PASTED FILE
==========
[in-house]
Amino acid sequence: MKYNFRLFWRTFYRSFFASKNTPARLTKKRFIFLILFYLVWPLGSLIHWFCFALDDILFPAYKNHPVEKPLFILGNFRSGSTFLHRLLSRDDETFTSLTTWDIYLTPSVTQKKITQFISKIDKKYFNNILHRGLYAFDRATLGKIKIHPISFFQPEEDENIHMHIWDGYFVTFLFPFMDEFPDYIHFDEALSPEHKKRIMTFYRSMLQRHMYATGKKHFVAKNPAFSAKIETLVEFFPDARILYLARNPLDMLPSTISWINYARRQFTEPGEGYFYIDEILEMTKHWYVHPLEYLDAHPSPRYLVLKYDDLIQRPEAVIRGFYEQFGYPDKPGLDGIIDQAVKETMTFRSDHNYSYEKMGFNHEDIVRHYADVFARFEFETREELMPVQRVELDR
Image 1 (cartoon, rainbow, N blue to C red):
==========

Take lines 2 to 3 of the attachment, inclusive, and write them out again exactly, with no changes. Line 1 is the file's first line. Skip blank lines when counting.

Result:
Amino acid sequence: MKYNFRLFWRTFYRSFFASKNTPARLTKKRFIFLILFYLVWPLGSLIHWFCFALDDILFPAYKNHPVEKPLFILGNFRSGSTFLHRLLSRDDETFTSLTTWDIYLTPSVTQKKITQFISKIDKKYFNNILHRGLYAFDRATLGKIKIHPISFFQPEEDENIHMHIWDGYFVTFLFPFMDEFPDYIHFDEALSPEHKKRIMTFYRSMLQRHMYATGKKHFVAKNPAFSAKIETLVEFFPDARILYLARNPLDMLPSTISWINYARRQFTEPGEGYFYIDEILEMTKHWYVHPLEYLDAHPSPRYLVLKYDDLIQRPEAVIRGFYEQFGYPDKPGLDGIIDQAVKETMTFRSDHNYSYEKMGFNHEDIVRHYADVFARFEFETREELMPVQRVELDR
Image 1 (cartoon, rainbow, N blue to C red):